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Path is a visualized sequence of the scenes in the demo, which is displayed when you switch from Canvas View to Path View. Studio automatically builds a path as you add scenes, transitions, and gestures to your project.  

The primary purpose for Path View is to show the overall transition flow between scenes rather than the details of scene contents.

Initially, Path View is most helpful when you build linear, on-rails projects. As your project and expertise with Studio grow, you may find that Path View is most effective when you build parts of a more sophisticated demo flow rather than the entire project.

For example, you may use this view to build a quick prototype of a branch to check its flow before you add any assets to scenes or to create a Logic-Only series. After you build a part separately, you can verify its transition logic in Path View and then connect it to the main demo flow.

Tip: Check this view regularly to ensure that all added scenes are connected correctly. See also Path View troubleshooting tips and a short video in the tutorial that demonstrates how to use Path View for troubleshooting.

What You Can Do

The main purpose of this view is to preview and check the project sequence. To make any changes to a scene or gesture, switch to Canvas View. See also Path View troubleshooting tips.

Here’s what you can do:

  • Zoom in and out to preview the entire path, using the controls in the top left corner (F).
  • Click any scene and view its actions and other settings in the side panels.
    The scene name (D) automatically updates to indicate the currently selected scene in Path View whose settings are displayed in the side panel.
  • Right-click a scene and preview its video in the bottom right corner. Click anywhere in the view to close the preview.
  • Click any transition arrow label (A) and modify its settings in the Transition menu that opens in Canvas View.
What You Can See—Scenes and Their Video Assets

You can identify the following scenes in Path View:

  • Scenes with video assets added to them, displayed as cards with the scene name at the top and a video image below. (To preview a video, right-click the scene.)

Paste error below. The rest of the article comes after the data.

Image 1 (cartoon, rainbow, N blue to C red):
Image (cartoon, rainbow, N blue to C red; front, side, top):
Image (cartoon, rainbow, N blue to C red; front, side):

• Scenes with no video assets added, displayed only as labels with the scene name (E). These can Logic-Only scenes or regular scenes.
  • Disconnected scenes, for example, without transitions (E), with undefined transitions (when you don’t specify a scene to transition to), or with transitions set to occur By Counter.
    These orphaned scenes typically appear disconnected from the main flow on the right (C, E). 
What You Can See—Gestures and Different Transition Types

Gestures and other transitions are represented by arrows, with their types identified by labels on the arrows. Below are descriptions of different transitions types that you can see in Path View:

  • Gesture transitions—require user interactions during the demo are displayed as arrows with smaller versions of the previous scenes with gesture areas highlighted in green (B). See also Gestures and Add Gestures.
  • Direct, scene-to-scene transitions, also known as auto transitions, and any transitions with the default After Video event selected in the Transition Menu—displayed as arrows with the Video Ends label (A) indicating that the next scene starts after the video in the previous scene ends. See also Add Auto Transitions.
  • Immediate transitions, for example, from logic-only scenes and any other scenes that move to the next scene without waiting for the video to end—displayed as arrows with the Every Time label indicating that the next scene starts immediately, with all actions and events in the logic scene executed at once. See also Immediate Transitions and Advanced Transitions.
  • Trigger transitions set to occur when a certain trigger condition is met appear as arrows with the Trigger: <name> label. Conditional transitions typically include at least one alternate branch as shown below. See also Triggers.
  • Counter transitions set to occur when a certain counter condition is met appear as arrows with the counter operator label selected in the Counter Conditionals section of the transition. Conditional transitions typically include at least one alternate branch. See also Counters.
  • Transitions with different probability (as long as they have no trigger or counter conditionals) appear with the percentage displayed on the arrow. For details, see Randomized Transitions.

    If randomized transitions have a trigger or counter conditional, the transition will appear with the trigger or counter conditional label as shown above.

What You Cannot Do or See

Since Studio builds your project path automatically, you can’t do certain things in Path View. For example, you cannot do the following:

  • Make any changes directly in Path View. To make any changes to a scene or gesture, switch to Canvas View. See also Check Path View.
  • Preview layers, such as buttons, text, images. 
  • See certain event settings (At Time, On Exit, By Counter), actions, counter and trigger values.
  • See probability percentages if there are conditionals added to the same transition.

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Updated June 27, 2019